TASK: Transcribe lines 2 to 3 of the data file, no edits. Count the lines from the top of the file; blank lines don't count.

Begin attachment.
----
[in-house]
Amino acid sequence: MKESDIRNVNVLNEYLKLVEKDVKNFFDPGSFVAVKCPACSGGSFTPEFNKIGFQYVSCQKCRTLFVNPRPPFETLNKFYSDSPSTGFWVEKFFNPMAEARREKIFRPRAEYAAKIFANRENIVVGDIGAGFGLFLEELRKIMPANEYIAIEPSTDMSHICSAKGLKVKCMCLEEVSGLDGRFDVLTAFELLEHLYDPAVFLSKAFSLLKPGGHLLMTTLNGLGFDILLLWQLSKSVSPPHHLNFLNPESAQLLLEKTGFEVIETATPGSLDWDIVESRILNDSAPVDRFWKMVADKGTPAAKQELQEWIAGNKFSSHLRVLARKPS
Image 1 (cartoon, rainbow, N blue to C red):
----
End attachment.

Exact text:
Amino acid sequence: MKESDIRNVNVLNEYLKLVEKDVKNFFDPGSFVAVKCPACSGGSFTPEFNKIGFQYVSCQKCRTLFVNPRPPFETLNKFYSDSPSTGFWVEKFFNPMAEARREKIFRPRAEYAAKIFANRENIVVGDIGAGFGLFLEELRKIMPANEYIAIEPSTDMSHICSAKGLKVKCMCLEEVSGLDGRFDVLTAFELLEHLYDPAVFLSKAFSLLKPGGHLLMTTLNGLGFDILLLWQLSKSVSPPHHLNFLNPESAQLLLEKTGFEVIETATPGSLDWDIVESRILNDSAPVDRFWKMVADKGTPAAKQELQEWIAGNKFSSHLRVLARKPS
Image 1 (cartoon, rainbow, N blue to C red):